People are social creatures that live within a community. Each person interacts with one another, leading to change and growth. Games people play is one way that each person interacts. Games people play has been formulated by psychiatrist Eric Berne, M.D. Moreover, it is a perspective from transactional analysis that is often considered in the workplace and personal life experiences. The perspective suggests that every person plays a predictable series of interactions or otherwise described as social transactions that can be labelled. Two labels include:
Debtor - can be a lifetime game where the person will use the struggles of managing debt as a life purpose to talk about how he/she succeeded. There is also the “try and collect” usually performed by young married couples. It involves the debtor playing others (usually parents and grandparents) in a game of “I spend your money and you have to chase me to collect the money I owe you” and enjoying the chase and game. The problem occurs when the creditor becomes determined to collect the money and becomes coercive. The creditor can then play the game of “try and get away with it”. Moreover, a gift can put the recipient in psychological and/or physical debt for years to come.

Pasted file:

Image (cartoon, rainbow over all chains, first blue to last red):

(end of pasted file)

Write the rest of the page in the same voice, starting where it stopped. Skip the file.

Kick me - when a person does something (e.g., ignores the person, treats them with disrespect, arrives late) that results in a negative stroke (I’ll explain soon) to confirm that he/she is bad. Then he/she will say: “why does this always happen to me” and/or with pride “my misfortunes are better than yours”.
Every person will play a game where they expect positive or negative strokes to be returned, such as “I will do/say this, and you will do/say that”. The stroke is, as according to Berne, essential for psychological and physical health. If a stroke is not returned, then the person may experience anxiety, depression, etc. A stroke can be verbal, non-verbal or physical (e.g., touch).
In summary, understanding the games people play will help you understand why you and others interact, how to manage the interaction and most important of all how not to get hurt as some games are exhausting and can damage your sense of wellbeing and self.
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